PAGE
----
The cross-platform player is available as a free download for Intel-based Macs, Windows and Linux. It's based on the same Gecko rendering engine that drives Mozilla's Firefox browser but comes wrapped in an extensible user interface that could easily be mistaken for iTunes.
Unlike the Apple media software, whose features are governed by the iPod maker and its licensing agreements, Songbird prides itself on extensibility through add-ons that allow you to customize the media player experience through collapsable panels and gain new functionality.
In addition to support for QuickTime playback and a variety of iPods, the inaugural release includes four other add-ons by default. Among them are SHOUTcast radio streaming, Last.fm Scrobbling, and Songkick integration for discovering and acquiring concert tickets related to artists in your library.
Another highly touted add-on is mashTape, which displays Flickr photos, YouTube videos, artist biographies, news items and other web content related to the artist currently playing. Dozens of other add-ons can be downloaded from Songbird's website.
For file formats, Songbird currently supports MP3, FLAC, and Vorbis on all platforms; WMA on Windows; and AAC on Windows and Mac. It's quick to import full iTunes libraries — including DRM-wrapped tracks — and maintains their associated metadata. For playback, the software uses the high-performance and open-source GStreamer multimedia framework.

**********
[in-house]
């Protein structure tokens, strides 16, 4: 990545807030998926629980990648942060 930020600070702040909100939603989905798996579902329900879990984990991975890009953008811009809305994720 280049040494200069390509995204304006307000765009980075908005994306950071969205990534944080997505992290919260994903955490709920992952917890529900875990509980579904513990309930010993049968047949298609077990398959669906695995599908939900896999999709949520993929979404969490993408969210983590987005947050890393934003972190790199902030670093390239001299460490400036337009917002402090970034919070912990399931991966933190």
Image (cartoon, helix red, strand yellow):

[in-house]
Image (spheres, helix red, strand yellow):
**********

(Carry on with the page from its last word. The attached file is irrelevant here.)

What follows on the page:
Songbird's user interface was designed to be familiar to Apple iTunes users.
Still, there are a number of limitations and potential roadblocks that may combine to slow adoption of the new player, which also features a built-in web browser.
For example, Songbird 1.0 lacks CD ripping capabilities, and its list of compatible devices omits the most recent generation of iPods and all of Apple's Mac OS-based handhelds, including the iPhone and iPod touch. Zune is also unsupported, though support for all these devices, CD ripping, broader video support, and others are all on the software's roadmap.
Another big question mark is what, if any, measures Apple will take to prevent Songbird compatibility with its software and media players going forward. The company has recently moved to squash efforts from open-source competitors aiming to develop products compatible with its iPod+iTunes ecosystem.